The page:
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Journal of Low Temperature Physics

, Volume 184, Issue 3–4, pp 634–641 | Cite as

Advanced ACTPol Multichroic Polarimeter Array Fabrication Process for 150 mm Wafers

  • S. M. DuffEmail author
  • J. Austermann
  • J. A. Beall
  • D. Becker
  • R. Datta
  • P. A. Gallardo
  • S. W. Henderson
  • G. C. Hilton
  • S. P. Ho
  • J. Hubmayr
  • B. J. Koopman
  • D. Li
  • J. McMahon
  • F. Nati
  • M. D. Niemack
  • C. G. Pappas
  • M. Salatino
  • B. L. Schmitt
  • S. M. Simon
  • S. T. Staggs
  • J. R. Stevens
  • J. Van Lanen
  • E. M. Vavagiakis
  • J. T. Ward
  • E. J. Wollack
Article

Abstract

Advanced ACTPol (AdvACT) is a third-generation cosmic microwave background receiver to be deployed in 2016 on the Atacama Cosmology Telescope (ACT). Spanning five frequency bands from 25 to 280 GHz and having just over 5600 transition-edge sensor (TES) bolometers, this receiver will exhibit increased sensitivity and mapping speed compared to previously fielded ACT instruments. This paper presents the fabrication processes developed by NIST to scale to large arrays of feedhorn-coupled multichroic AlMn-based TES polarimeters on 150-mm diameter wafers. In addition to describing the streamlined fabrication process which enables high yields of densely packed detectors across larger wafers, we report the details of process improvements for sensor (AlMn) and insulator (SiN\(_x\)) materials and microwave structures, and the resulting performance improvements.

Keywords

AlMn Multichroic Polarimeter SiN\(_x\) Transition-edge sensor 

Notes

Acknowledgments

This work was supported by the U.S. National Science Foundation through award 1440226. The NIST authors would like to acknowledge the support of the NIST Quantum Initiative. The development of multichroic detectors and lenses was supported by NASA grants NNX13AE56G and NNX14AB58G. The work of BJK, BLS, JTW, and SMS was supported by NASA Space Technology Research Fellowship awards.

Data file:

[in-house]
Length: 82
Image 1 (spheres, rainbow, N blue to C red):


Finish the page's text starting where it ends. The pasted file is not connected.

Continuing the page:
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Copyright information

© Springer Science+Business Media New York (outside the USA) 2016

Authors and Affiliations

  • S. M. Duff
    • 1
    Email author
  • J. Austermann
    • 1
  • J. A. Beall
    • 1
  • D. Becker
    • 1
  • R. Datta
    • 2
  • P. A. Gallardo
    • 3
  • S. W. Henderson
    • 3
  • G. C. Hilton
    • 1
  • S. P. Ho
    • 4
  • J. Hubmayr
    • 1
  • B. J. Koopman
    • 3
  • D. Li
    • 5
  • J. McMahon
    • 2
  • F. Nati
    • 6
  • M. D. Niemack
    • 3
  • C. G. Pappas
    • 4
  • M. Salatino
    • 4
  • B. L. Schmitt
    • 6
  • S. M. Simon
    • 4
  • S. T. Staggs
    • 4
  • J. R. Stevens
    • 3
  • J. Van Lanen
    • 1
  • E. M. Vavagiakis
    • 3
  • J. T. Ward
    • 6
  • E. J. Wollack
    • 7
  1. 1.National Institute of Standards and TechnologyBoulderUSA
  2. 2.Department of PhysicsUniversity of MichiganAnn ArborUSA
  3. 3.Department of PhysicsCornell UniversityIthacaUSA
  4. 4.Department of Astrophysical SciencesPrinceton UniversityPrincetonUSA
  5. 5.SLAC National Accelerator LaboratoryMenlo ParkUSA
  6. 6.Department of Physics and AstronomyUniversity of PennsylvaniaPhiladelphiaUSA
  7. 7.NASA Goddard Space Flight CenterGreenbeltUSA

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